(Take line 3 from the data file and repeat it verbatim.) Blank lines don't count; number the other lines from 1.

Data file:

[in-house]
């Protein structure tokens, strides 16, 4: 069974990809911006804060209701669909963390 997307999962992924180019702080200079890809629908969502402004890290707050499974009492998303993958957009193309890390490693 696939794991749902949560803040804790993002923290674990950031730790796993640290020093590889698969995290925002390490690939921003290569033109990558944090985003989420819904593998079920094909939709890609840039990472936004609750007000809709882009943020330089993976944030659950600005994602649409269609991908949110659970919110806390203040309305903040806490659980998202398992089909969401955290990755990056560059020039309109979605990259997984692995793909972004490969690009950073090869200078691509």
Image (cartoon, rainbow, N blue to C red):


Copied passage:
Image (cartoon, rainbow, N blue to C red):